Last week one of our team was discussing that their teenage son was showing interest in understanding more about leadership given they had recently been placed in a leadership role at school. They raised the often asked question “Is leadership nature, nurture or both? And if is nurture then what are some ways that leadership can be nurtured?” This discussion reminded me that it has been some time since we had looked at contemporary thinking around this question.
Contemporary thinking endorses that leadership is a combination of both nature and nurture. Over the past decade research from multiple sources concluded that people who lead do so in different ways or choose not to lead at all indicating there must be an inherent desire to lead present. If this genetic predisposition was the only factor determining leadership ability then organisations would have ready-made leaders waiting to rise through the necessary levels to take up leadership positions. This would remove the need for a great many leadership programs and the hundreds of books that continue to be written each year about leaders and leadership. While there is support for the notion that natural leadership traits play a role, it’s only one small part of the puzzle.
More than two decades ago Stogdill raised the prospect that leadership was a result of situation and environment. Adding this into the mix suggests leadership is a complex mix of genetics and the product of one’s environment. Environment will impact on how these various traits develop; mindset, behaviour, creativity, intuition, judgment, vision, risk tolerance, to list some of the more obvious ones. Leadership is something those who choose to lead grow into as result of considering and applying the sum total of experiences that encourage a leader’s skills to be honed over time.
In our work in developing leaders, irrespective of the goals leaders set and whether business conditions are favourable or challenging, there are five key qualities strong leaders share in common.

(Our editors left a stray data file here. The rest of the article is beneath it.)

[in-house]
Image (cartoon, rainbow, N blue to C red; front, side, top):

Communication: Effective leaders are effective communicators. It’s not just about being a good speaker; it is also about being a good listener. Being inspiring and articulate engages people to realise a vision or have clarity around a task and the road ahead, however being a good listener allows you to pick up on the nuances and quickly zero in on the challenges facing people.
Optimism: We don’t know anyone who willingly would follow a pessimist. It was Martin Seligman In his book ‘Learned Optimism’ that showed us that optimism can be learned.
Commitment: As a leader your word is your bond; your commitment is tantamount to giving a promise to deliver what you said you would, when you said you would.
Adaptability: We are living in a disruptive world. The key question for a leader today is to ask; ‘What’s impossible to achieve today, but, if it could be done, would fundamentally change our business for the better?’
Integrity: Defined in most dictionaries as ‘the quality of being honest and having strong moral principles.’ Leaders need to be open and honest in their dealings with all people, it underpins their trustworthiness.
Whether you’ve just moved into a larger leadership role, or a business start-up, or you aspire to lead others, now is the time to focus on developing your leadership qualities as there is much to be learned.
Vivente Australia enables leaders and managers develop the bond between people and performance, creating a powerful advantage: the synergy between people, leadership, management, and culture, produces performance that allows your business to achieve its best. Bass and Stogdill Handbook of Leadership 3rd Edition